One editor noted the more serious potential for city magazines’ social media use: its ability to maximize an investigative story’s impact on not only the audience, but also on relevant policymakers. In this case, the magazine’s writers followed through with social media activity during legislative action pertaining to an investigative story:

As that bill was moving through … [we] were tweeting about it like crazy … Those tweets became part of the debate. The state reps started re-tweeting our tweets, which had links to the piece. And … everybody who had anything to do with this decision has read our piece, and it has dramatically reshaped the debate. And that’s all because of social media.

This example demonstrates how sophisticated use of social media can enable city magazines to disseminate their work, gain support for a specific perspective, and enable conversations around topics that matter within a local area or region.

As a whole, editors saw digital technology as supporting and maximizing the print publication’s circulation and advertising, but also as creating new opportunities for online advertising, interaction with the public, and multimedia reporting. As one editor described, “We try to create a virtuous circle where people are moving back and forth between the website and the print magazine,” with references to each medium embedded within the other, and subscription offers everywhere. While the editors felt the impact of their digital efforts on their print circulation was hard to quantify, some were fairly confident that “all these little [digital] touches” through the website and social media could “get a reader committed” to a print subscription. One editor also mentioned the hope that these interactions could serve a mutual benefit, so that readers also could “get something else out of … interacting with us via Facebook or Twitter or Pinterest.”

City Magazine Editors’ Strategies for the Future

Research question 3 concerned editors’ strategies for developing city magazines in the future. Although many of the plans for their publications’ futures revolved around digital technology, these city magazine editors also stated their intent to continue developing their print products as well. As one editor stated, “people still value the physical object of the magazine as a luxury good or leisure activity … sometimes people are disappointed to find that they were interviewed for our website and not for the ‘real magazine.’ Things in the magazine seem more real and valuable.” The print magazine still holds a certain social prestige among its audience. Within that print publication, editors often said that a major goal was to continue to improve the writing within the magazine: “I want the magazine to really become known to good writers as their home.” That writing would also ideally be applied to a greater variety of topics, for some editors. One editor would like to “put less service on the covers of the magazine and try to do at least two more covers each year that were not service covers … whether it’s profiles, or just important investigative stories.” This editor noted that some in the city magazine business argue that service covers are more appealing on the newsstand than serious topics, but still felt that shifting some covers toward serious topics would be a worthy goal.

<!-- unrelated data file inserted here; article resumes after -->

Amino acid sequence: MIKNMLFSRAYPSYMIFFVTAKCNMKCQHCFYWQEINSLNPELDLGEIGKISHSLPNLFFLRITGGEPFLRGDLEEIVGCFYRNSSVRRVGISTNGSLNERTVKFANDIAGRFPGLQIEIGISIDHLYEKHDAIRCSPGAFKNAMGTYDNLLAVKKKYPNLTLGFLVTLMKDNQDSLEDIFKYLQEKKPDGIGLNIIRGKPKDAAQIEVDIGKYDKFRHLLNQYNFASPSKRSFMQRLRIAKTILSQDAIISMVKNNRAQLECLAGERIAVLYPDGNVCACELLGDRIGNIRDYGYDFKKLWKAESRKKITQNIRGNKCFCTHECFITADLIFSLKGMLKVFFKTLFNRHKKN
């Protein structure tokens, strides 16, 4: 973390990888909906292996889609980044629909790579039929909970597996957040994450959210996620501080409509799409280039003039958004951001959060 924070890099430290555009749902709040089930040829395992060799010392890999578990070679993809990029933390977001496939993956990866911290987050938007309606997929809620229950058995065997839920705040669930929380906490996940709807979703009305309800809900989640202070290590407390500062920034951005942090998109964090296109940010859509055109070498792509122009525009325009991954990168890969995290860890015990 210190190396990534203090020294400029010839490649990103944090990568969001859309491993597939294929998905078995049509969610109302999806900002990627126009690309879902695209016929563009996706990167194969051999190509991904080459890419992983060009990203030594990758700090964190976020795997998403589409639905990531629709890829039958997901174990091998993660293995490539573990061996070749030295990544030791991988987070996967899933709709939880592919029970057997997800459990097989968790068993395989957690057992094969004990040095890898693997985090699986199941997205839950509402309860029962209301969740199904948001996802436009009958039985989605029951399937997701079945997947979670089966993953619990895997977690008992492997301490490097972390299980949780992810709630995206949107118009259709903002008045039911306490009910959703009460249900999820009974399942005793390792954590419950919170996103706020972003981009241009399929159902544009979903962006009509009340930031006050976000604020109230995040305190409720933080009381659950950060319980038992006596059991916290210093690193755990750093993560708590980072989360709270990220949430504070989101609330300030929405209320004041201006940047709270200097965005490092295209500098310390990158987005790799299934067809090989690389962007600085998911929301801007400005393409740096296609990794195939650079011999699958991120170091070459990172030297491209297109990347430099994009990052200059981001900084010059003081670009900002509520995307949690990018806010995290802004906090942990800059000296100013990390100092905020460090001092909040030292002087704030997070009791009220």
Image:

In terms of digital strategies, the city magazine editors described the challenge for small publishing companies of taking risks with digital formats. As one editor said, the current situation is one of “confusion in the market,” with many different platforms and tools available to publishers and audiences. Some expressed a desire to let larger publishers “figure it out and make the tools cheap enough for us … without having critical mass, we risk getting caught in between and not being able to keep up.” There was some experimentation occurring, as at one city magazine that had chosen to publish a Kindle Single (one long-form story, sold as a standalone digital product through Amazon) of one of its major stories. This magazine was actively thinking about ways to address its “non-paginated economic future” — a future in which a print publication with static paper pages would no longer be central to its business. Along the same lines, another editor referred to the magazine as a “multimedia event company,” drawing income from not just the print magazine, but also from its online products and from its sponsorship and organization of local events.

Overall, as one editor stated, these city magazines are well positioned in many ways to serve local audiences and advertisers:

It’s really a great market for city magazines because we consumers increasingly want more and more local content. Advertisers and marketers are continuing to look for ways to drill down and be more local. All that speaks really well to city magazines and to making ourselves relevant across media platforms.